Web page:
A logo is one of the most important elements of a company or project identity. To become remembered, design should combine several magic ingredients; pure and distinctive shapes, attractive colours, and ensure that the overall logo being meaningful to the target audience.
Over the past few months, we’ve been working on a logo that would incorporate our message, one that would appeal to our audience of designers and developers, who often have polar opposite views.
In the spirit of our brand - team collaboration and user experience - we’d like to share our journey with you; from creating brief and different concepts, trials and tribulations, to the final, finished and polished design of our logo.
Back to the Beginning - The Research
Our logo journey started with our conference idea. We wanted to create a conference that would actually help people navigate the ever changing landscape of best practice product delivery and deliver real benefit to product teams in companies large and small.
We started out by mapping the key stakeholders when developing a product: Product Owners, Designers, Developers, Marketers
We researched with this audience in three different ways:
Through attendance of weekly meetups in almost every category, we got to meet our audience, have a beer and find out what makes them tick.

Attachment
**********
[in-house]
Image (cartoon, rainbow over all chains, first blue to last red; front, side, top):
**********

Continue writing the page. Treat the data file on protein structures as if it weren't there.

We developed a survey to find out individual, team and industry challenges, along with what companies were getting products and teams right.
Calls with Suppliers
What their thoughts were as “experts” to the industry and what people asked them for help with.
Challenges and Requirements
The following overall industry challenges arose from our findings of our research (we are closing our survey shortly, we will be releasing the full findings in mid October).
Meeting targets and deadlines
- Reducing waste in development
- Streamlining workflow
Increasing go to market speed
- Removing handovers and bottlenecks between teams
- Getting designers and developers to work closer together
Usability by design
- User experience best practices
- Ongoing client interaction & feedback
- A/B Testing and customer tracking
Managing ambiguous requirements
- Lean and agile methodology to shorten the feedback loop
- Continuous testing and deployment
Managing increasing deployment frequency
- DevOps best practice and automation
- Team scaling through Microservices
Improving cross team communication
- Multi-disciplined teams
- Team bonding and training
Hiring / nurturing talent
- Targeted recruitment through exciting projects
- Paired teams and mentorship
- Early and regular product releases
- Agile implementation
Non traditional UIs
- Early adopter case studies.
- Designer, developer team collaboration
The Birth of UXDX
If we were to pick out one theme from our research it is that product delivery is all about the people! In particular we picked out the three areas below which highlight the ways in which product teams must work together to deliver the right product for the user.
User Experience (UX)
Without a customer, there is no product. A product should always work closely with and focus on the end user to provide a product/solution match. This is the foundation of product development.
Experience Design (XD)
Experience Design is the art of simplifying complex interactions into meaningful experiences; designing the product with a focus placed on the quality of the user experience and culturally relevant solutions.
Developer Experience (DX)